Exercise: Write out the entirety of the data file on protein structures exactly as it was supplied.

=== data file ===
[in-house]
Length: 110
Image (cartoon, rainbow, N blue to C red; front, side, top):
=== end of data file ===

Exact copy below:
[in-house]
Length: 110
Image (cartoon, rainbow, N blue to C red; front, side, top):